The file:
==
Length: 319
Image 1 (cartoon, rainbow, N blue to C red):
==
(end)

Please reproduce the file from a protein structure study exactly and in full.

Length: 319
Image 1 (cartoon, rainbow, N blue to C red):